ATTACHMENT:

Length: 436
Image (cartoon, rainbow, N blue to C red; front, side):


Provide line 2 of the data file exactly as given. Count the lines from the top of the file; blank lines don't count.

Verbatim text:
Image (cartoon, rainbow, N blue to C red; front, side):